Several reports attribute the creation of the South Side to Club 21 in New York, a bar that served countless South Sides over the decades. But since the first iteration of the famous speakeasy didn’t open until 1922, it is more likely that the bar popularized the drink rather than inventing it.

When preparing the cocktail, handle the mint with care. Too vigorous a muddle will bring out the plant’s bitter notes rather than its sweet and aromatic qualities. If you double strain the contents through a fine mesh strainer, you’ll ensure that no broken mint leaves end up in the glass and, therefore, won’t get stuck between your teeth.


  • 5 mint leaves
  • 30 ml freshly squeezed lemon juice
  • 60 ml gin
  • 30 ml simple syrup
  • Garnish: mint sprig


  1. Add the mint leaves and lemon juice to a shaker and gently muddle.
  2. Add gin, simple syrup, and ice and shake until well chilled.
  3. Double strain into a chilled cocktail glass.
  4. Garnish with a mint sprig.


Corpse Reviver No. 2 belongs to a family of pre-Prohibition cocktails that were consumed primarily to revive the person who drank them from the dead. In other words, they were intended to cure hangovers, invigorate, and improve the mornings of partygoers. “Reviving corpses” can be traced back to at least the 1870s, with many of the recipes lost over time. This version is the most well-known recipe, although Corpse Reviver No. 1 – brandy, Calvados, sweet vermouth – is still in circulation today and occasionally enjoys a place on bar menus. Like many other Prohibition-era cocktails, Corpse Reviver No. 2 disappeared into obscurity over the decades, but was revived in the 1980s as bartenders sought inspiration from history. Its adoption was driven by its inclusion in Harry Craddock’s “The Savoy Cocktail Book,” a seminal volume originally published in 1930 that introduced dozens of classic drinks to modern drinkers. This drink contains gin, Lillet blanc (a French aperitif), orange liqueur, and fresh lemon juice. The delicately balanced combination is distributed equally, shaken with ice, and served in a glass that has been rinsed with absinthe, a technique that adds only a slight anise flavor to the drink. The result is tart, cold, and refreshing, exactly what you need to start your day – or evening, if you prefer to consume your liquor when the sun is down. Today, Corpse Reviver No. 2 is a popular offering in craft cocktail bars and an occasional option in brunch spots that embrace the drink’s ability to jumpstart your day. If you plan to order one, don’t forget that this cocktail is stronger than it seems. If in doubt, heed Craddock’s warning: “Four of these taken in quick succession will unrevive the corpse again.”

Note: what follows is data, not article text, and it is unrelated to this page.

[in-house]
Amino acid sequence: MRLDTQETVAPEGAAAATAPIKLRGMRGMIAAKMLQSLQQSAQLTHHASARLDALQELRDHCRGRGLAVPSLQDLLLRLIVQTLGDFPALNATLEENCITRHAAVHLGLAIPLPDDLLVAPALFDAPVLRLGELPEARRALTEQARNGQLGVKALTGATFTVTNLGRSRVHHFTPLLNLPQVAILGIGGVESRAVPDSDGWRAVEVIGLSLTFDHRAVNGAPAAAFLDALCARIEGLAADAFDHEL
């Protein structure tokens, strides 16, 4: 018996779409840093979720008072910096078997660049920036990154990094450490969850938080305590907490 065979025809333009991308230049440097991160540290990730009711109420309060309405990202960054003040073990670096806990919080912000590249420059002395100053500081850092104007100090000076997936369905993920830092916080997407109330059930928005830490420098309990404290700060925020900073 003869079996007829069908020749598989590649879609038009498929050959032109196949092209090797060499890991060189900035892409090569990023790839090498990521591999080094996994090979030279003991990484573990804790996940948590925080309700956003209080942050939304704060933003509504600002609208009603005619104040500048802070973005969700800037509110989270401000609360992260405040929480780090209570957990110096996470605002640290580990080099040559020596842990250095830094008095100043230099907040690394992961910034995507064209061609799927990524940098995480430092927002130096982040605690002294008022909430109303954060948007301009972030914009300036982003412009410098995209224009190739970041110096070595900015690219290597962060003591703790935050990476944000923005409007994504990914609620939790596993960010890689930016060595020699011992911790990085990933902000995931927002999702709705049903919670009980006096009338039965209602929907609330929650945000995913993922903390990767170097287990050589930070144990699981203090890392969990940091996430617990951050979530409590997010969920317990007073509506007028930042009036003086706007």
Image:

• Absinthe, for rinsing
  • 25 ml London dry gin
  • 25 ml Lillet blanc
  • 25 ml orange liqueur
  • 25 ml fresh squeezed lemon juice


  1. Rinse the interior of a chilled coupe or cocktail glass with absinthe, discard the excess, and set the glass aside.
  2. Add gin, Lillet blanc, orange liqueur, and lemon juice to a shaker with ice and shake until well chilled.
  3. Strain into the prepared glass.